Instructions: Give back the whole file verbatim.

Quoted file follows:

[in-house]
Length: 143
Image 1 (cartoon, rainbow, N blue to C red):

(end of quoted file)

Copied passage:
[in-house]
Length: 143
Image 1 (cartoon, rainbow, N blue to C red):